World-Renowned Autism Activist, Best-Selling Author, Animal Welfare and Behavior Expert
Temple Grandin, Ph.D., is one of the the most accomplished and well-known adults with autism in the world. Now her fascinating life, with all its challenges and successes, has been brought to the screen with the HBO full-length film “Temple Grandin”, starring Claire Danes, which won seven Emmy awards and a Golden Globe. The movie shows her life as a teenager and how she started her career.
Dr. Grandin is a 2017 inductee into National Women’s Hall of Fame, and was inducted into the American Academy of Arts and Sciences in September 2016, and she has a 2010 TED Lecture titled "The World Needs ALL Kinds of Minds." She has been featured on major television programs, including the BBC special "The Woman Who Thinks Like a Cow", ABC's "Primetime Live", "The Today Show", "Larry King Live", "48 Hours", and "20/20", and has been written about in many national publications, including Time (she was included in the 2010 edition of the magazine's annual "Time 100" List of the world's most influential people), People, Forbes, US News and World Report, and The New York Times. Among numerous other recognitions by media, Bravo did a half-hour show on her life, and she was featured in the best-selling book Anthropologist from Mars.
Grandin is a designer of livestock handling facilities and a Professor of Animal Science at Colorado State University. Facilities she has designed are located in the United States, Canada, Europe, Mexico, Australia, New Zealand, and other countries. In North America, almost half of the cattle are handled in a center track restrainer system that she designed for meat plants. Curved chute and race systems she has designed for cattle are used worldwide and her writings on the flight zone and other principles of grazing animal behavior have helped many people to reduce stress on their animals during handling.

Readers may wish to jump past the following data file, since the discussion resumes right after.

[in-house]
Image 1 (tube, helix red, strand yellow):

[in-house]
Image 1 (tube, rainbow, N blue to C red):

She has also developed an objective scoring system for assessing handling of cattle and pigs at meat plants. This scoring system is being used by many large corporations to improve animal welfare. Other areas of research are: cattle temperament, environmental enrichment for pigs, reducing dark cutters and bruises, bull fertility, training procedures, and effective stunning methods for cattle and pigs at meat plants.
Dr. Grandin obtained her B.A. at Franklin Pierce College and her M.S. in Animal Science at Arizona State University. She received her Ph.D in Animal Science from the University of Illinois in 1989. Today she teaches courses on livestock behavior and facility design at Colorado State University and consults with the livestock industry on facility design, livestock handling, and animal welfare. She has also authored over 400 articles in both scientific journals and livestock periodicals on animal handling, welfare, and facility design. She is the author of Thinking in Pictures, Livestock Handling and Transport, Genetics and the Behavior of Domestic Animals, Unwritten Rules of Social Relationships, Emergence: Labeled Autistic, and Humane Livestock Handling. Her books Animals in Translation and Animals Make Us Human were both on the New York Times best seller list.
Temple Grandin didn't talk until she was three-and-a-half years old, communicating her frustration instead by screaming, peeping, and humming. In 1950, she was diagnosed with autism and her parents were told she should be institutionalized. She tells her story of "groping her way from the far side of darkness" in her book Emergence: Labeled Autistic, a book which stunned the world because, until its publication, most professionals and parents assumed that an autism diagnosis was virtually a death sentence to achievement or productivity in life.
Even though she was considered "different" in her young school years, she eventually found a mentor who recognized her interests and abilities. Dr. Grandin later developed her talents into a successful career as a livestock-handling equipment designer, one of very few in the world. She has now designed the facilities in which half the cattle are handled in the United States, consulting for firms such as Burger King, McDonald's, Swift, and others.
After she graduated in 1966 from Mountain Country School, Grandin went on to earn her bachelor's degree in human psychology from Franklin Pierce College in 1970, a master's degree in animal science from Arizona State University in 1975, and a doctoral degree in animal science from the University of Illinois at Urbana-Champaign in 1989.
Dr. Temple Grandin currently works as a professor of animal science at Colorado State University and speaks around the world on both autism and cattle handling.
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